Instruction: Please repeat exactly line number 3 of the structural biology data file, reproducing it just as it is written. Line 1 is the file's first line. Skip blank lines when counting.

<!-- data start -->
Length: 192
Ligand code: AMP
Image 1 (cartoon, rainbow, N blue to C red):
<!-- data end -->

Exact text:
Image 1 (cartoon, rainbow, N blue to C red):